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by: Scott Renshaw

As well-known as Spike Lee may be as a film-maker or spokesman for African-American causes, he may be equally well-known as a basketball fan. Most Americans first saw Lee's work in Nike commercials he made with Michael Jordan a decade ago, reprising his She's Gotta Have It character of Mars Blackmon. Since then Lee has become a much-lauded director, but he has also become a vocal court-side fixture at New York Knicks, moonlighting as director and narrator of Nike ads supporting women's basketball. Make no mistake, Spike loves his hoops.

I can't help but feel that love clouded Lee's judgment as he put together He Got Game. The story deals with the troubled relationship between convicted felon Jake Shuttlesworth (Denzel Washington) and his teenage son Jesus (with the Biblical, not Spanish, pronunciation, and played by Milwaukee Bucks guard Ray Allen). As Jake finds himself out of prison after nearly six years, he tries to re-connect with his son and daughter (Zelda Harris), only to find Jake deeply embittered and unable to forgive. Jesus also happens to be the #1 high school basketball recruit in the nation, and his father is on the streets again only because the governor wants Jesus to attend his alma mater. If Jake can get Jesus to sign a letter of intent to play at Big State within a week, the governor may grant Jake an early parole. Unfortunately, Jake is competing with plenty of other people - Jake's uncle (Bill Nunn), his girlfriend (Rosario Dawson), agents, college coaches and various hangers-on - who all hope that Jesus will show them the money if they show it to him first.

The corrupt war to recruit top high school athletes isn't exactly fresh subject matter, having already been explored in the 1994 film Blue Chips. Lee puts a humorous spin on some of the ridiculous excesses of the process, but his real chance at originality would have been putting us inside the head of the young men, often from impoverished backgrounds, facing these dizzying opportunities. That's somewhere Lee and first-time actor Ray Allen never take us, allowing us to see the insanity without allowing us to understand how Jesus really feels about it. Allen looks comfortable enough on the screen, but his character is too passive, so fundamentally decent he never seems fazed by anything. Lee has a lot of stuff he wants to show us; Jesus's role is more or less to absorb it all.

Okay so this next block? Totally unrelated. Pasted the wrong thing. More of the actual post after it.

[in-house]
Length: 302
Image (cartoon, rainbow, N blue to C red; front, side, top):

As it turns out, Lee has so much he wants to show us that he keeps getting sidetracked from the one undeniable strength of He Got Game - the relationship between Jake and Jesus. Washington is superb in a pair of dynamite schoolyard scenes, relentlessly driving young Jesus to improve his game in a flashback sequence, then competing with Jesus in a one-on-one game. Both scenes tear into the heart of Jake's sense of his own lost opportunities, burning with the intense competition between father and son and unspoken desires to return to simpler times.

If Lee had centered on that relationship, He Got Game might have been a truly memorable film. Yet Lee keeps turning his attention elsewhere - a strange sub-plot involving Jake's relationship with a young prostitute (Milla Jovovich), pointless banter between Jake and his two parole officers. Mostly, however, he's distracted by basketball, blasting heroic Aaron Copland compositions at every slow-motion image of schoolyard ball and piling on the cameos of NBA players and college coaches. There's enough thematic material here for two films; Lee decides to make them both simultaneously. The resulting film feels scattershot, heavy on interesting images and ideas but light on cohesiveness. Somewhere in there is an engrossing family drama, often relegated to the nosebleed seats while Lee keeps pulling us courtside to watch an inner city story with a basketball backdrop turned into a basketball story.

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